I was asked to supply several sports questions for the annual Kings X Trivia Tournament, held on August 21 in Walnut Creek. Since I have exhausted myself with the work, I thought it convenient to share a few of them with Alive. Here goes…

1. On April 15, 1958, the first Major League Baseball game in West Coast history was played in San Francisco between the Giants and Dodgers. The Giants won 8-0. Who was the winning pitcher?

2. Another famous day in San Francisco sports history occurred August 28, 1965 when a Minnesota Viking picked up a 49er fumble and proceeded to run the wrong way. He spiked the ball in the end zone and the ball went out of bounds, resulting in a 2 point safety for SF. Who was that ill fated Viking?

3. You may not think of competitive eating as a sport, but let’s. This chap was the annual champ of the Nathan’s Hot Dog eating contest, until Joey Chestnut came along. He then got into a dispute with Nathan’s, so is no longer invited back. He still competes and goes by a single name. Who is he?

4. The late Nate Thurmond was one of the most popular players in Warrior’s history. Ironically, he was traded to Cleveland a Center for a Center , who played on the Warrior championship team of 1974-1975. Who was that center?

5. Serena Williams is closing in on the record number of Grand Slam titles of 24. Who holds the record of 24 Grand Slam Tennis titles?

6. He played for the undefeated, untied, uninvited University of San Francisco Football team of 1951. He went on to a Hall of Fame career as a Defensive End for the Baltimore Colts and participated in the so called Greatest Game ever Played against the NY Giants in 1957. Who was he?


In 2001, the American Film Institute named Humphrey Bogart as the greatest film star of the 20th Century, ahead of Cary Grant, John Wayne and James Stewart. Bogart was only a star for a few years; from 1940 to his death in 1956. Before that he was a supporting actor who specialized in getting shot by James Cagney or Edward G. Robinson. His roles were distinctive and his name in his best movies we all know (or do we?). Let’s see.

  1. His first break came in 1936’s “Petrified Forest.” He plays an escaped convict who holds the stars of the movie cap rives in a remote diner. What was his name?
  1. His big break came in 1940’s “High Sierra.” He plays an ex con known to the public as Mad Dog, who meets his demise on Mount Whitney. What was his name?
  1. In 1941, Bogie got one of his most famous roles in “The Maltese Falcon,” as a private eye in one of the classic films noir. What was his name?
  1. His most famous movie, “Casablanca,” followed in 1943. He played the owner of Rick’s American Cafe in that Moroccan town. What was Rick’s last name?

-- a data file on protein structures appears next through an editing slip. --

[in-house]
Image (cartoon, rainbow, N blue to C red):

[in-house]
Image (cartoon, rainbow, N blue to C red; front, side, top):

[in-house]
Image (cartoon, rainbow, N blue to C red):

1. In 1948, Bogie starred in my favorite movie “The Treasure of the Sierra Madre.” Although Walter Huston steals the movie, Bogie does great job as the vagrant who goes mad with gold fever. What was his name, including middle initial?
  1. Bogie finally won an Oscar in 1951 playing a drunken boat captain opposite Katharine Hepburn in “The African Queen.” What was his name in this classic?

Rogers & Hammerstein

“There’s a bright golden haze in the meadow,” are the opening lyrics to the American treasure Oklahoma, the first musical by the legendary team, Rodgers and Hammerstein. Rodgers wrote the music, while Hammerstein supplied the lyrics and libretto to a steady stream of great musicals from the 1940s to the 1950s. Let’s reminisce about their masterworks produced together and separately.

  1. Prior to getting together with Rodgers, Oscar Hammerstein wrote the lyrics to the great musical of 1928, Showboat. Who was the music composer of that great show?
  1. Prior to getting together with Hammerstein, Richards Rodgers partnered with a wonderful lyricist in several hit shows of the 1920s and 1930s, such as Pal Joey. Who was that lyricist?
  1. She later won an Oscar for Gentlemen’s Agreement, but she got her first big break playing Ado Annie in R & H’s first hit Oklahoma. Who was she?
  1. Their next big hit was Carousel. The love song between Billy and Julie was the personal favorite of R & H. What was it?
  1. For their next hit, South Pacific, they hired a star from the New York opera to play the male lead and sing “Some Enchanted Evening.” Who was he?
  1. For their next hit, King and I, they chose a star from England who made her career in British music halls and some early Broadway musicals. Who was she?
  1. The most successful movie based on a R & H musical was Sound of Music. Julie Andrews starred in the movie, but who played Maria on Broadway?